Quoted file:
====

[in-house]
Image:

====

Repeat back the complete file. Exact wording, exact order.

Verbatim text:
[in-house]
Image: